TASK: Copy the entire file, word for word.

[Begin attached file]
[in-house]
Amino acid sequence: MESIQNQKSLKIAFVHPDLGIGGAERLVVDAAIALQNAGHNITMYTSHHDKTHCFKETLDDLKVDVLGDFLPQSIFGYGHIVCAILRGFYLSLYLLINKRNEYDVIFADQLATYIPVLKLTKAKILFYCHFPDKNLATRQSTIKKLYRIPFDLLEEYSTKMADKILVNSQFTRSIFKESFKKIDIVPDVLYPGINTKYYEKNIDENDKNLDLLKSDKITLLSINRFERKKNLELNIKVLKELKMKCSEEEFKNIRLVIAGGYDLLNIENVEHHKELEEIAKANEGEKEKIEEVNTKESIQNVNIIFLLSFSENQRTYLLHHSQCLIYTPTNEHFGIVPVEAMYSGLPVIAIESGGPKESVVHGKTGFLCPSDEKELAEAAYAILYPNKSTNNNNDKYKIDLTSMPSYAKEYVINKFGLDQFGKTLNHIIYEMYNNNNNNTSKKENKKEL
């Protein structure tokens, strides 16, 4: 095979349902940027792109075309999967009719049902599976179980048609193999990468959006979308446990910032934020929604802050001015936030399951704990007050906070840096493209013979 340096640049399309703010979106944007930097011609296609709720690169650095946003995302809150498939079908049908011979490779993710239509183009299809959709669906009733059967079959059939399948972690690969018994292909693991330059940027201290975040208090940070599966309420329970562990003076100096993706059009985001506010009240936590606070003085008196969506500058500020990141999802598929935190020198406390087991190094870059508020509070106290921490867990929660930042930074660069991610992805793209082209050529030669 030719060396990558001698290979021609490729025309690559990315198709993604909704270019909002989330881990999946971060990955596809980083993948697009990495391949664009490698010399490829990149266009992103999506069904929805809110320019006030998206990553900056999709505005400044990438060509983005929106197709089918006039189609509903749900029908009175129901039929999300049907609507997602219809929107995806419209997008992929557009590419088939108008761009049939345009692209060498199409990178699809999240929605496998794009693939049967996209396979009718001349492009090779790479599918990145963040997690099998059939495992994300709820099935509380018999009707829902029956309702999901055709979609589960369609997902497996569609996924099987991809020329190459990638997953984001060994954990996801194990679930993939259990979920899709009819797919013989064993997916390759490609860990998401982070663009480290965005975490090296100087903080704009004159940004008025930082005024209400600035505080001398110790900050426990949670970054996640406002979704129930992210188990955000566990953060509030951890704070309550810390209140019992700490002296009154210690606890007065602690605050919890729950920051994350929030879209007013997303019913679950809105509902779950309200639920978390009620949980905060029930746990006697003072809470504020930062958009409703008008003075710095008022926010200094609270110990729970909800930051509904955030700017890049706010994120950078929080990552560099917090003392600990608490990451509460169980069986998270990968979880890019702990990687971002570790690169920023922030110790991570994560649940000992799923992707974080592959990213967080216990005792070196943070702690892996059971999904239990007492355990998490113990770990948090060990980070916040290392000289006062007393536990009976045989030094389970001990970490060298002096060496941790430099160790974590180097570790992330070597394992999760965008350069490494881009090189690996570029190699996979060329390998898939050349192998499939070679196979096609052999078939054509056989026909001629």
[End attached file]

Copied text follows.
[in-house]
Amino acid sequence: MESIQNQKSLKIAFVHPDLGIGGAERLVVDAAIALQNAGHNITMYTSHHDKTHCFKETLDDLKVDVLGDFLPQSIFGYGHIVCAILRGFYLSLYLLINKRNEYDVIFADQLATYIPVLKLTKAKILFYCHFPDKNLATRQSTIKKLYRIPFDLLEEYSTKMADKILVNSQFTRSIFKESFKKIDIVPDVLYPGINTKYYEKNIDENDKNLDLLKSDKITLLSINRFERKKNLELNIKVLKELKMKCSEEEFKNIRLVIAGGYDLLNIENVEHHKELEEIAKANEGEKEKIEEVNTKESIQNVNIIFLLSFSENQRTYLLHHSQCLIYTPTNEHFGIVPVEAMYSGLPVIAIESGGPKESVVHGKTGFLCPSDEKELAEAAYAILYPNKSTNNNNDKYKIDLTSMPSYAKEYVINKFGLDQFGKTLNHIIYEMYNNNNNNTSKKENKKEL
């Protein structure tokens, strides 16, 4: 095979349902940027792109075309999967009719049902599976179980048609193999990468959006979308446990910032934020929604802050001015936030399951704990007050906070840096493209013979 340096640049399309703010979106944007930097011609296609709720690169650095946003995302809150498939079908049908011979490779993710239509183009299809959709669906009733059967079959059939399948972690690969018994292909693991330059940027201290975040208090940070599966309420329970562990003076100096993706059009985001506010009240936590606070003085008196969506500058500020990141999802598929935190020198406390087991190094870059508020509070106290921490867990929660930042930074660069991610992805793209082209050529030669 030719060396990558001698290979021609490729025309690559990315198709993604909704270019909002989330881990999946971060990955596809980083993948697009990495391949664009490698010399490829990149266009992103999506069904929805809110320019006030998206990553900056999709505005400044990438060509983005929106197709089918006039189609509903749900029908009175129901039929999300049907609507997602219809929107995806419209997008992929557009590419088939108008761009049939345009692209060498199409990178699809999240929605496998794009693939049967996209396979009718001349492009090779790479599918990145963040997690099998059939495992994300709820099935509380018999009707829902029956309702999901055709979609589960369609997902497996569609996924099987991809020329190459990638997953984001060994954990996801194990679930993939259990979920899709009819797919013989064993997916390759490609860990998401982070663009480290965005975490090296100087903080704009004159940004008025930082005024209400600035505080001398110790900050426990949670970054996640406002979704129930992210188990955000566990953060509030951890704070309550810390209140019992700490002296009154210690606890007065602690605050919890729950920051994350929030879209007013997303019913679950809105509902779950309200639920978390009620949980905060029930746990006697003072809470504020930062958009409703008008003075710095008022926010200094609270110990729970909800930051509904955030700017890049706010994120950078929080990552560099917090003392600990608490990451509460169980069986998270990968979880890019702990990687971002570790690169920023922030110790991570994560649940000992799923992707974080592959990213967080216990005792070196943070702690892996059971999904239990007492355990998490113990770990948090060990980070916040290392000289006062007393536990009976045989030094389970001990970490060298002096060496941790430099160790974590180097570790992330070597394992999760965008350069490494881009090189690996570029190699996979060329390998898939050349192998499939070679196979096609052999078939054509056989026909001629």